Why the Lakers lost their last timeout despite successful challenge against Nuggets

The Lakers had 3.6 seconds to save their season.

That’s how much time was left when Denver’s Jamal Murray hit a 14-foot jumper over Austin Reaves to give the Nuggets a 108-106 lead Monday to put L.A. a few ticks away from elimination in the first round of the Western Conference playoffs.

With no timeouts at the Lakers’ disposal, a frantic sequence ensued at Ball Arena. Anthony Davis inbounded the ball from under the basket to LeBron James, who passed it to Taurean Prince, who launched a desperation shot at midcourt.

Airball. Game over. Season over for the Lakers.

If only if the Lakers had one more timeout to use after Murray’s basket. They could have set up a play, then inbounded the ball from half court with a much better chance to win or at least extend the game.

While Lakers coach Darvin Ham is under scrutiny for his timeout management, an NBA rule is also being called into question in this situation. With 3:05 remaining in the fourth quarter and the score tied at 99-99, Ham called the team’s final timeout to challenge a foul called on Davis.

Had the call been upheld, Denver superstar Nikola Jokic would have gone to the line with two free throws late and the Lakers would have lost their timeout. The call was overturned, however, preserving the tie score and giving the Lakers possession of the ball.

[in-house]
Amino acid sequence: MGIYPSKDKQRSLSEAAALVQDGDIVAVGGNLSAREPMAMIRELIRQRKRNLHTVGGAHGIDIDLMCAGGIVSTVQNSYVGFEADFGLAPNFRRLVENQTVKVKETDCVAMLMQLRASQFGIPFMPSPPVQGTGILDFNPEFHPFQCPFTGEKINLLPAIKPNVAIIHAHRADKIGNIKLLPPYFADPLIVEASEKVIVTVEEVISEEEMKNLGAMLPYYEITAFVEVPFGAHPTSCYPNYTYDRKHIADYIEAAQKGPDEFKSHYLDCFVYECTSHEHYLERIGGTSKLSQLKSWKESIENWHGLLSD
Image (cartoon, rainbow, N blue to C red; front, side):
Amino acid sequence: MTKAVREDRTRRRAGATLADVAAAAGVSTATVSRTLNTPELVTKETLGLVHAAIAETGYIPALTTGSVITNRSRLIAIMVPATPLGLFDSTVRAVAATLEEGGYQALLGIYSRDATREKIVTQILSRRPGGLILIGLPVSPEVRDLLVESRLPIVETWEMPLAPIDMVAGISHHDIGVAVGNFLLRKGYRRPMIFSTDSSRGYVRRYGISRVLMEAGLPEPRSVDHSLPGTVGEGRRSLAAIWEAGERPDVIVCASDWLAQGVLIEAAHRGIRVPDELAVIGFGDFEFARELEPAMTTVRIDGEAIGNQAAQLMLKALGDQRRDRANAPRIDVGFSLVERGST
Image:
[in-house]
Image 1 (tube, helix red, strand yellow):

If that had been the Lakers’ first challenge of the night, the successful challenge would have resulted in the team retaining its final timeout. But Ham had already used a challenge back in the first quarter to have another call overturned.

According to NBA Rule No. 14, Section V-b, “if a team utilizes its second Challenge, the challenging team will not retain the timeout used to initiate its second Challenge even if the Challenge is successful.” So the Lakers had to play the final three minutes of regulation in a tight, must-win game with no timeouts.

After the game, “Inside the NBA” analyst Charles Barkley said the rule “doesn’t make sense.”

“I don’t understand how you could win a challenge, but lose a timeout,” the Hall of Famer said during TNT’s postgame show. “I mean, I understand the rules, but that just doesn’t seem fair to me.”

Fellow analyst Kenny Smith agreed.

“You should be able to keep your timeout,” he said. The referees “made the mistake, not us. We didn’t make the mistake, you made the mistake.”

Barkley added: “That didn’t cost them the game, but I’m saying I don’t understand, that just doesn’t seem fair. You made a mistake and I got screwed by your mistake, that ain’t right.”

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